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http://dx.doi.org/10.1016/j.cbpb.2004.11.012DOI Listing
January 2005

Pharmacological evidence for a presynaptic action of venoms from Bothrops insularis (jararaca ilhoa) and Bothrops neuwiedi (jararaca pintada).

Toxicon 2004 May;43(6):633-8

Department of Pharmacology, Faculty of Medical Sciences, State University of Campinas (UNICAMP), P.O. Box 6111, Campinas, SP 13081-970, Brazil.

Whereas the presynaptic action of Crotalus durissus terrificus venom is well-established, Bothrops venoms have historically been considered to have only postsynaptic and muscular effects. However, some studies have also suggested a presynaptic action for these venoms. In this work, we used chick biventer cervicis preparations to compare the presynaptic actions of two Bothrops venoms (B. insularis and B. neuwiedi) with that of C. d. terrificus venom. At 10 microg/ml, all venoms produced irreversible blockade of the twitch tension responses, with no reduction in acetylcholine (ACh)-induced contractures and only a slight decrease in potassium induced-contractures. The times (in min) required to produce 50% neuromuscular blockade (C. d. terrificus: 16.3+/-0.7, n = 8; B. insularis: 30.0+/-1.9, n = 5; B. neuwiedi: 42.0+/-2.0, n = 8; mean +/- SEM) were significantly different among the venoms (p < 0.01). Lowering the temperature at which the experiments were done (from 37 to 24 degrees C) prevented neuromuscular blockade by the three venoms, indicating that enzyme activity may be involved in this response. At concentrations capable of causing complete neuromuscular blockade, creatine kinase release remained close to levels seen in control preparations incubated with Krebs solution alone (500-1200 IU/l). Commercial crotalic antivenom, but not bothropic antivenom, protected against the neuromuscular blockade caused by B. insularis and B. neuwiedi venoms. These observations indicate that bothropic venoms may contain components which act presynaptically in a manner similar to C. d. terrificus venom, and that at low venom concentrations a direct action on skeletal muscle does not contribute to this presynaptic neurotoxicity.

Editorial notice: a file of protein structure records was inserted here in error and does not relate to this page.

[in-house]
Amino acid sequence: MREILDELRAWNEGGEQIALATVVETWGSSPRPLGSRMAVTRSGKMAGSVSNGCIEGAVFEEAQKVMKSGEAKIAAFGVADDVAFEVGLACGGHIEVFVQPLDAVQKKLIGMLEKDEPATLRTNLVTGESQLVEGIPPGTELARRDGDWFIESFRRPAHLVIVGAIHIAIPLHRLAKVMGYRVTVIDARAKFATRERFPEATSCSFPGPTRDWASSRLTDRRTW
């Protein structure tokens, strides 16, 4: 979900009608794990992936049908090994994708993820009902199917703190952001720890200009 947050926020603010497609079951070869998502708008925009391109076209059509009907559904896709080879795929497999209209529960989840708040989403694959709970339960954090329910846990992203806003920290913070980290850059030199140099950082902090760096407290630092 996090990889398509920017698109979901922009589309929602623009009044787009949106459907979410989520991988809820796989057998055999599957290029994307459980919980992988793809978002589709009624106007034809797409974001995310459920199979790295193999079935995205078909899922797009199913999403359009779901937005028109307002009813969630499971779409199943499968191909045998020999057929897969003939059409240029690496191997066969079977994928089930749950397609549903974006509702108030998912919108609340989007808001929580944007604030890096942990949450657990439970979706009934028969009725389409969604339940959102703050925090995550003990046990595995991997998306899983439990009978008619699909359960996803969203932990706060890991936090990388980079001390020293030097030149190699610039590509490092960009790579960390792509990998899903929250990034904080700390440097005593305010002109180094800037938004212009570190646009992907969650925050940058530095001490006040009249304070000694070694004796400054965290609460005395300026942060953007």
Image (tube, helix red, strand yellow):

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http://dx.doi.org/10.1016/j.toxicon.2003.10.027DOI Listing
May 2004